Program pairs veterans with private caregiversWritten by Danielle Stanton | | firstname.lastname@example.org
Marty Lipka landed in North Africa as a member of the Army 10th Mountain Division in World War II. A year later, he took an English boat to Italy and fought through to Austria.
For many years after the war, Lipka, 97, worked in the Sears & Roebuck Co. building located where the Oakland Mall now sits.
Today, Lipka lives with caretakers Mike and Yvonne Arnold in their home in Brighton, Michigan, as part of the Medical Foster Home Program with the Veterans Affairs (VA) Ann Arbor Healthcare System.
The program pairs veterans who require round-the-clock care with private caregivers.
This prevents many veterans from entering nursing homes and helps the families of veterans who may be burdened by the constant care.
Currently, there are eight homes in the program — two in Toledo and six in southeast Michigan, serving 12 veterans, said April Bartlett, the program’s manager.
Lipka and Mike Arnold, 63, have formed a tight bond since Lipka moved in with the Arnolds two years ago. Arnold has no formal caretaker training, but had taken care of his mother, who suffered from Alzheimer’s. He built a house next door to his own in 2007, but she died a year later, leaving him with two homes during the economic crisis.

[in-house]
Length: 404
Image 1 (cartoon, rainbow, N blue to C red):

He sold his home and moved into the newly constructed house. Because it was built for caretaking, he decided to take in Lipka, who was in a nursing home at the time.
“The need was just so great,” Arnold said. “Marty was in a nursing home, and he hated it. He couldn’t go outside; he couldn’t see sunshine. Now he can walk out anytime he wants.”
Lipka said he is happy with the Arnolds’ care, that he likes to watch TV and sit outside to watch the ducks and geese.
“I’m happy. Most of the time. Mike’s OK. I can’t trade him for a new one,” Lipka said, joking during a recent telephone interview.
“When I brought him home, he went outside,” Arnold said. “When I saw that moment, it was just [so touching] and he’s not the only [veteran] who has needs. [The need] is real.”
Arnold and Lipka have made many trips and visits together. They even went to a Willie Nelson concert in Kalamazoo. The country star signed Lipka’s photograph, and Arnold hopes to find tickets for another show as Lipka is looking forward to seeing Nelson again.
In the past, they have visited The Henry Ford Museum to see Titanic exhibit and Detroit to see the Thanksgiving parade. They even went to Oak Grove, Lipka’s hometown where they visited the cemetery where his parents are buried and the seven-bedroom farmhouse where he grew up.
Bartlett said the VA is looking for more caregivers like Arnold to join its program. To sign up, a caregiver needs to be at least 21 years of age, have a backup caregiver who must meet requirements, have active CPR certification and live in a home that meets fire and safety standards.
When Bartlett places a veteran with a caregiver, she said she does so with the intention and hope that the placement will last indefinitely. Each home is allowed to take up to three veterans.